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Discussion Starter · #1 ·
The past week has been pretty stressful on little Zoey - she's been moved around a lot. I had her at my parents house as I had been caught with her in my apartment by the Residence Director. I've moved her back in my apartment now (going to keep my blinds closed ;) ). It was impossible to keep her warm in my room at home because our AC seems to be abnormally powerful. I've also noticed she's quite lethargic and doesn't eat or defecate as much.

In addition, when I wake her up sometimes, her belly's a little cool, which tells me she's trying to hibernate. The thing is, my digital thermometer I have in her cage is telling me that the temp is around 76-77 degrees, humidity at 44%. I have two emitters, a large one top of her large cage and a smaller one attached to the side of the cage at the bottom (for emergencies mostly - with both of them on, the temp jumps into the 80s.)

So, what might be the problem if there is one? She's about 6 or 7 months old now, I'd say, so I thought maybe her age might be a factor to consider. All of this is really concerning to me.

She's warming up in my shirt right now, quite puffy as she normally is. I don't know what to make of all this. Is it stress? How could she be attempting hibernation at this temperature!?
 

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How much light is she getting? They need light for 12-14 hours. Try leaving a light on beside her cage from 7ish am to 9ish pm. They can attempt hibernation from inadequate lighting even if the temperatures are very warm.
 

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If it doesn't turn out to be a light issue....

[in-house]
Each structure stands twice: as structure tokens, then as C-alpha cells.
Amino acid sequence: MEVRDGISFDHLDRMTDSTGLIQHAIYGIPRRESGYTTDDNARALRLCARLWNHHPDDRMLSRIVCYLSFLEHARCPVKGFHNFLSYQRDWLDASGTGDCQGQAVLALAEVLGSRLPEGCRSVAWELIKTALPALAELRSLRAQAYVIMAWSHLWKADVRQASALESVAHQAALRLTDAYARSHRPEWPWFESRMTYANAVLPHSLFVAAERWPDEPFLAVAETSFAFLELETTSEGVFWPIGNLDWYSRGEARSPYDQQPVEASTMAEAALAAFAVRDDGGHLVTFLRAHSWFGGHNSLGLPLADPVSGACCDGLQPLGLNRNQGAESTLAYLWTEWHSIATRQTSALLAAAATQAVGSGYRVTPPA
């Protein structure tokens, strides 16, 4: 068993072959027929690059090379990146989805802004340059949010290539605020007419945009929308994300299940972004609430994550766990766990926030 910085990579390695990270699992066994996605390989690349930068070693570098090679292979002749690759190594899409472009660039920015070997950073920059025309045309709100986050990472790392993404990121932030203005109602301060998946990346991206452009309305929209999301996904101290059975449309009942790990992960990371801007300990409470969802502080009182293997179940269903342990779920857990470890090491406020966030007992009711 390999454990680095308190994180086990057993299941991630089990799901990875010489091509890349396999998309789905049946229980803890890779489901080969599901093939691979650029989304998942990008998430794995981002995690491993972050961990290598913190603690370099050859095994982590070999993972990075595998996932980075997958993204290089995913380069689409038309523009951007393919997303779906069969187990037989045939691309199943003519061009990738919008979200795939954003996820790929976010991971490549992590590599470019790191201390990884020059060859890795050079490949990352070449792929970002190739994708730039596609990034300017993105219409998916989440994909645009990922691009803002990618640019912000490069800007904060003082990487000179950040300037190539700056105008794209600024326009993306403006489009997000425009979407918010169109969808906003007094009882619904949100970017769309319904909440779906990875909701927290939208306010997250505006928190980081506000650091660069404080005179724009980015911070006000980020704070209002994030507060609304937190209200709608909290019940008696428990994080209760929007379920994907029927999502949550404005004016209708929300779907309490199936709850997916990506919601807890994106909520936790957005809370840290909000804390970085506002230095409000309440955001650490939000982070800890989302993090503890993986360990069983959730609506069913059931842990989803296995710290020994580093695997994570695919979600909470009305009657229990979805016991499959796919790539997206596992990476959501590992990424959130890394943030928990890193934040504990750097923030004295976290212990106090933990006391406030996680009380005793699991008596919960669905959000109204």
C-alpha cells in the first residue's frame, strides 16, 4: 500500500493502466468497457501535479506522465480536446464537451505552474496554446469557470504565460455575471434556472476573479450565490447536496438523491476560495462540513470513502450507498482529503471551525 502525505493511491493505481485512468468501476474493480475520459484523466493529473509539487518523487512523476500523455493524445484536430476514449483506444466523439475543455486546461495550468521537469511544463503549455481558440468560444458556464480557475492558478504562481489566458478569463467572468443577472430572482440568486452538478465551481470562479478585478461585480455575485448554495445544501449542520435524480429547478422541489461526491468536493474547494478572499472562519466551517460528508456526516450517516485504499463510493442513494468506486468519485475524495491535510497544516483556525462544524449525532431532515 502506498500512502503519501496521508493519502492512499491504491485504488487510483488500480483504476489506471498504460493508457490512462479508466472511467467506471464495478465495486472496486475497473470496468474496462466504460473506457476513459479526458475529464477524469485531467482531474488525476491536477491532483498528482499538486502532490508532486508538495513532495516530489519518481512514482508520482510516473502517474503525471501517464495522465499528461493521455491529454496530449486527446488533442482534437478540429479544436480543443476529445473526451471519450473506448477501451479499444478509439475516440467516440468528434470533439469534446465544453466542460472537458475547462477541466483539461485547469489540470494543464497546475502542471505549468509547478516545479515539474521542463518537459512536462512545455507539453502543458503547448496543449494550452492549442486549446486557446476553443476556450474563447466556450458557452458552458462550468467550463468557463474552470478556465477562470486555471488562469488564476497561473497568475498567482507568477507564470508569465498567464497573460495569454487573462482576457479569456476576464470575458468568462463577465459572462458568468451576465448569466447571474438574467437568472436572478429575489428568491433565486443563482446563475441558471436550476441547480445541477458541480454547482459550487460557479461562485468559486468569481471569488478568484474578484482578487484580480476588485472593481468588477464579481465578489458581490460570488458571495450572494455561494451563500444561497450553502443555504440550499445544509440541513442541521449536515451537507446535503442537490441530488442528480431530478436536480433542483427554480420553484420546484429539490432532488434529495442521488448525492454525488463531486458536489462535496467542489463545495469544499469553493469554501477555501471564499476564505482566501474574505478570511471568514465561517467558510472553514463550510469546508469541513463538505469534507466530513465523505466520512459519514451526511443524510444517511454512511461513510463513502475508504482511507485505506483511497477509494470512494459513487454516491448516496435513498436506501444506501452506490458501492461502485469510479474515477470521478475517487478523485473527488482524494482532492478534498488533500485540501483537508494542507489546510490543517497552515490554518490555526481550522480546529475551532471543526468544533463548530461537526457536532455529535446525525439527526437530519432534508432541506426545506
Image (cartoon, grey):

is she in a draft? If her cage is located near a heating vent it could be causing a very warm draft over her cage when the heat is running. When it shuts off she may cool and be catching a chill from it.
 

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Discussion Starter · #4 ·
It's definitely not a draft thing, my room is usually pretty stuffy.

But it very well could be a lighting issue, and I wasn't aware that insufficient light would make a hedgie attempt hibernation. I have my blinds drawn with a thin curtain over them, which probably doesn't allow enough light in. I'll be sure to leave a light for her from now on.

Does it matter what kind of light? Or is any type good as long as isn't blinding?

Thanks very much for your responses.
 

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If you can find a full-spectrum light bulb, that would probably work best to simulate sunlight. Another easy thing to do is to put the lamp on a timer so you know can be very precise about the amount of light your hedgie is getting.
 
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